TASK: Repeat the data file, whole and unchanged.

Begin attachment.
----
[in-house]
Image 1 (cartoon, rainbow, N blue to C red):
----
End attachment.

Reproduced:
[in-house]
Image 1 (cartoon, rainbow, N blue to C red):